Anesthetic choice does not affect duration of hospitalization
Findings emphasize importance of following a retrospective study with a prospective trial
(June 19, 2013)
The use of a less-expensive, longer-acting anesthetic (isoflurane) resulted in no difference in duration of hospitalization compared to the use of a more expensive, shorter-acting anesthetic (desflurane or sevoflurane), according to a study from the July issue of Anesthesiology. The results from this prospective trial contradicted results from a retrospective study conducted by the same authors.
Researchers from Cleveland Clinic, Cleveland, first completed a retrospective analysis using existing electronic medical records to determine the length of hospitalization for 8,694 adult patients who had been anesthetized with isoflurane, desflurane or sevoflurane. The mean length of hospitalization for isoflurane cases was 2.76 days, compared to 2.56 days for desflurane and 2.49 days for sevoflurane. The duration of isoflurane was statistically significantly longer than with the other two anesthetics.
While early findings of the retrospective study indicated isoflurane prolonged hospitalization, an immediate follow-up prospective study found isoflurane did not prolong hospitalization. In the latter study, isoflurane or sevoflurane was administered, based on the week of surgery, to 1,501 patients. The mean length of hospitalization for isoflurane cases was 4.1 days and it was 4.2 days for sevoflurane, a difference that was not significantly significant.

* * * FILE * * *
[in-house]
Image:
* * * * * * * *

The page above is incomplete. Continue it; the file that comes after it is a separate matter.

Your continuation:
“The divergence between our retrospective study and our more reliable prospective trial provides evidence that clinicians and patients should only cautiously accept the results of retrospective analyses,” said study author Daniel I. Sessler, M.D., professor and chair, Department of Outcomes Research, Cleveland Clinic. “While the initial retrospective study was consistent with our theory, the more dependable prospective trial showed this was not the case.”
The study authors believe their research illustrates the importance of following a retrospective study with a prospective trial in order to ensure the most accurate outcomes, resulting in the best medical decisions for patients.
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